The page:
HENRICO COUNTY, Va. -- Memorial Day officially launches summertime activities for many Virginians, and experts tasked with keeping everyone safe on Virginia waterways say the best time to brush up on best practices is before you get on the water.
A crew with the Virginia Department of Wildlife Resources provided a ride along boat trip on the James River southeast of Osborne Landing to show common mistakes boaters make on a regular basis. Sadly, fatal boat accidents are nearly a yearly occurrence.
"Memorial Day weekend is our unofficial start to the very busy boating season," said Sgt. Joshua Thomas, who as been with DWR for 13 years. “From 38-foot speedboats to 12-foot kayaks through here, it gets very busy. You know things like the [Varina-Enon] bridge, people want to stop and take pictures of the bridge, create congestion and choke points.”
“There's a 50 foot law for motor boats. When you're passing within 50 feet of another boat, a person in the water, or a fixed object, you have to slow down, and people forget to do that," Sgt. Thomas said.
Showing other vessels, swimmers, and fishermen courtesy happens in the moment. It is important to know your route ahead of time, Thomas said, and responsibly control your speed even if you know where your traveling along a river or lake.
"The rivers change, so a lot of times, if you look at points where trees jut out, you got to remember the contour of that point continues below the surface of the water. You can be several 100 feet away from shore and be in a foot of water. If your boat drafts more than a foot of water, you're in trouble," Thomas said. "You have to remember, boats don't have brakes. So the only way is to go slow and give yourself room to avoid an obstacle if you need to.”
Anyone getting out on a motor boat needs to designate a sober driver ahead of time. Most importantly for everyone on the boat, bringing and wearing a Coast Guard approved life jacket can be a life or death decision.
"80% of boating incidents that result in fatalities are people that don't have like jackets on," Thomas said. "If you hit something at high speed in a boat, you're more than likely going to be ejected from the boat and you at that point you're really going to need that PFD or that life jacket on.”
Kayakers and paddle-boarders of all skill levels will soon flock to the James River in and around Richmond. Mitch Furr, Region 1 Boat Safety Coordinator for DWR, said paddle sports have boomed in the region since the pandemic in particular.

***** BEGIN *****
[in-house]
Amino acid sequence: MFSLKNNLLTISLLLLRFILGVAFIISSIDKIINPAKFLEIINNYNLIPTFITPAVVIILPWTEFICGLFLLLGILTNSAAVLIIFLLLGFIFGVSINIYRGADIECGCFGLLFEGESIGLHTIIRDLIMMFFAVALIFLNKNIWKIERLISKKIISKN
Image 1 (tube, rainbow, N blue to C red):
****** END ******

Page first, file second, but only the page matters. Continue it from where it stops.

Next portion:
"Really, for this region, one of the biggest things is kind of knowing the area that you're going to be kayaking or stand up paddle-boarding," Furr said.
Like those in motor boats, Furr said anyone paddling or floating the James needs to wear a life jacket and have a way of communicating with someone on shore, since the river can present hazards out of nowhere, regardless of someone's skill level.
"Really there's risk anywhere there's water, but the greatest thing we can suggest is pick areas that have flat water, slower currents, pick the right time of day, and always be mindful to avoid things like large rocks, drains, dams, strainers in the river, which are created by logs and other debris that have been washed down river and become stuck on other objects in the river like rocks that create areas where water flows through but solid objects do not," Furr said.
On the James near Richmond, there is flat water on either side of the fall line, which stretches from Bosher's Dam to Mayo Island and is one of the more dangerous portions. Furr said inexperienced river-goers need to figure out the best spot for them to enjoy the river and check conditions before going out.
"Really the best way to kind of know before you go is to spend time talking to somebody that is an expert on the topic, and make sure they kind of point you in the correct direction," Furr said.
You can find more detailed information onboating and water safety on DWR's website.
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